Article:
Should I tell my boss about my mental health issue?

Finding and keeping a job has never been easy. So you if have a mental health problem, should you ever tell your boss? And if so, when? After your probationary period? When she finds you crying in the stationery room? At your first interview? And then there is the possibility of discrimination from colleagues.

Jonathan Naess, Head of Partnerships at Mental Health at Work, described disclosing a mental health issue to colleagues as similar to the ‘coming out’ journeys made by members of the LGBT community.

“LGBT politics in the workplace has made such great progress in the last few years. Published figures show that job satisfaction among people who have come out on their LGBT status show greater loyalty, more engagement and greater productivity, which comes when you are able to be open and honest about who you are.

“The model assumption is that individuals with mental health problems have to be off work is something that we are moving away from. It is a paradigm shift similar to the one for people with musculoskeletal problems where now we encourage them to get up and be active rather than lying in bed to recover.”

Making the decision to come out about your mental health is not an easy one. Dr Claire Henderson, Senior Clinical Lecturer at King’s College, spoke to a breakfast briefing for Mental Health at Work about a research project, CORAL – standing for COnceal or ReveAL – which is a decision aid to help people who are considering disclosing to an employer. The basis is interviews with individuals on their experiences of disclosure in addition to a literature review.

Figures from 2014, surveying mental health service users, showed 17% of them experienced discrimination in finding a job and 16% felt the same about keeping one. 41% stopped themselves from looking for work as they anticipated discrimination.

Dr Henderson spoke of feedback from an interviewee who said, “I got an interview. I said to her that I suffered with mental illness but it’s clearing up now and I am feeling a lot better than what I was, I can work. And when I told her that you could see … her face just dropped, it was like she was happy to employ me up until that point.”

Many employers don’t seem to realise that some mental health conditions are included in the Equality Act of 2010, protecting everybody from discrimination in the workplace and the many big steps made in race, gender and disability equality haven’t been made with mental wellness. The requirement for ‘reasonable adjustments’ also applies to mental health.

Dr Henderson said, “It is very easy to misinterpret how people are behaving in a stressful workplace situation because of a mental health problem. Similarly, if someone goes off sick, it is often assumed that it is a mental health problem that has recurred, but it could just as easily be a physical illness such as flu.”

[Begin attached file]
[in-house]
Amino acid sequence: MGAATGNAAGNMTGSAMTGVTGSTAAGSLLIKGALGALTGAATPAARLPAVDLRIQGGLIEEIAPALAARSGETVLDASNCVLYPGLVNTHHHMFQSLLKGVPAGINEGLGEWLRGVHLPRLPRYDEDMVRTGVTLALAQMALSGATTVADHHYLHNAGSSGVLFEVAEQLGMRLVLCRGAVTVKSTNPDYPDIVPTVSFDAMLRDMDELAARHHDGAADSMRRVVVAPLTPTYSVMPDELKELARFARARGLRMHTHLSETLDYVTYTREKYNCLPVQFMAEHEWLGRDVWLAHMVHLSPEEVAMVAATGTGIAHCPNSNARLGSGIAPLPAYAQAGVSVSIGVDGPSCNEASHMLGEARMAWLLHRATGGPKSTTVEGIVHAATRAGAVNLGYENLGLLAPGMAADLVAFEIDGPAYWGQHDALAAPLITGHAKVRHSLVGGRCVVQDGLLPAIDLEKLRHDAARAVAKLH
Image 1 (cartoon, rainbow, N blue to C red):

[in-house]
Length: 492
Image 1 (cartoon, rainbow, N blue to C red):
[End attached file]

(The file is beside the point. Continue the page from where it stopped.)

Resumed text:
And in work, an interviewee reported that standing up for herself was wrongly interpreted as her mental health issue. “You have difficulties with that colleague and I’ve had them use the knowledge of me to say this is why this has happened, because she’s not well … so I am very careful who I discuss it with.”

Dr Henderson said that some people find it liberating to have disclosed at work, while others have used a step-by-step process, giving out information gradually to establish trust and have some sense of control.

Some employees choose not to disclose as it doesn’t affect their work, while others hide a diagnosis as they fear dismissal.

She added, “You have to see the person rather than the condition because the diagnosis does not tell you anything as far as ability to do a job is concerned. It’s about the person performing in the job and judging on a diagnoses could be very misinformative.”

This research, the experience of the people interviewed and a review of literature in the area is the basis for Conceal or Reveal: A guide to telling employers about a mental health condition. The guide is divided into six sections designed to help both employers and employees navigate this sensitive area:

  1. Pros and cons of disclosure
  2. Disclosure needs
  3. Disclosure values
  4. When to disclose
  5. Who to disclose to
  6. Making a decision

Mental Health at Work is a community interest company.  Our mission is to reduce the stigma surrounding mental health in the workplace. We provide advice and consultancy to improve mental health within workplaces through education, skills development and cultural change. As part of this consultancy service we can advise workplaces on disclosure policies within a mental health strategy.  To find out more please contact us by email at Training



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